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How Ruth Bader Ginsburg is trying to check the conservative majority

How Ruth Bader Ginsburg is trying to check the conservative majority

Ginsburg spoke to CNN in a rare interview in her chambers this week. The 86-year-old four-time cancer survivor has resumed an active role in oral arguments and is often the first of the nine justices to pose a question. She regularly asks whether the Supreme Court should even decide the legal issue before it.

Washington (CNN)Justice Ruth Bader Ginsburg is in the liberal minority on the Supreme Court but has a way of steering the debate on a case.

Ginsburg spoke to CNN in a rare interview in her chambers this week. The 86-year-old four-time cancer survivor has resumed an active role in oral arguments and is often the first of the nine justices to pose a question. She regularly asks whether the Supreme Court should even decide the legal issue before it.

By framing the debate in this way, Ginsburg could limit the five conservative justices from setting new precedent over the dissent of the court's four liberals.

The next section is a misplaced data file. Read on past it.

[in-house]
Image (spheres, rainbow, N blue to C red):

Ginsburg's approach goes back to her time in law school -- but her expertise and emphasis offers liberals a path forward when the balance of power on the court is now solidly conservative. Ginsburg has taken up the cause in multiple recent disputes regarding the 2nd Amendment, criminal sentencing and tax law.

In an interview late Tuesday, Ginsburg talked about the rules for getting through the courthouse doors. She would not discuss specifics of any pending case and sidestepped questions about strategy or the ideological stakes on this divided court.

Read More at CNN


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